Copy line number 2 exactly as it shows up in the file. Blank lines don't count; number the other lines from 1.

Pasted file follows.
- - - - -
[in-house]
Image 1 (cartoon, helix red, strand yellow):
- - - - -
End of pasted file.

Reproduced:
Image 1 (cartoon, helix red, strand yellow):